Like most states, Mississippi law specifically allows an expert to base testimony on “technical, or other specialized knowledge,” which can be acquired from experience rather than academic training. Mechanics routinely testify as experts on the vehicle engines and parts, but few mechanics have published academic articles about their knowledge. The fact that Carey was not an engineer went to his credibility, not to his qualifications as an expert.
The appellate court also agreed with the trial court that Carey was unable to testify about the mechanics of a gun. Again, his testimony might have been stronger if he had measured the amount of pressure that was required to pull the trigger, but as someone who teaches firearm operation, Carey plainly had more knowledge of how firearms fire and misfire than a lay person.
The fact that he could not testify about handgun engineering went to Carey’s credibility, but he was plainly qualified to testify about handgun operation. Since the question was whether the firing mechanism was operated intentionally or accidentally, Carey was qualified to give the jury a helpful opinion based on knowledge that most jurors would not have.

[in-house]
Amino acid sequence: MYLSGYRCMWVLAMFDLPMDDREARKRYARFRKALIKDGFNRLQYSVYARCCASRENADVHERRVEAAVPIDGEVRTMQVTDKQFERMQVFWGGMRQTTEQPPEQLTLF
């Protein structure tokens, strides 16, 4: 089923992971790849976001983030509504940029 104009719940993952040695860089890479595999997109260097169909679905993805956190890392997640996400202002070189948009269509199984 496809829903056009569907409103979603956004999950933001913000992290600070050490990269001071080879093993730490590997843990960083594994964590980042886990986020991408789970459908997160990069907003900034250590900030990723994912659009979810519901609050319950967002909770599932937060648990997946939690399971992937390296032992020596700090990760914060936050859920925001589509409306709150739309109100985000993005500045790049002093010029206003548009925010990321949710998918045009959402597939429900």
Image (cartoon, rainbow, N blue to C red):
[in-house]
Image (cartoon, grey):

Expert vs. Lay Testimony
Finally, the appellate court noted that Carey’s testimony “was largely contingent upon his own personal observations of the handgun’s functionality, in light of Jones’s theory of defense.” The relevance of that observation is unclear.
Any expert who performs tests and testifies about the result is relying on his or her personal observations. Carey tested the gun and explained the results of the tests to the jury. That’s what experts do. It is the expert’s experience in interpreting observations, not the fact that testimony is based on observations, that distinguishes expert from lay testimony.
While the court’s analysis is far from convincing, it isn’t clear that Carey would have testified any differently if the court had allowed him to testify as an expert. Nor is it clear whether the jury would have viewed his testimony in a different light if the court had identified him as an expert rather than a lay witness. The trial court’s error might have been harmless, but that is a question the appellate court did not address.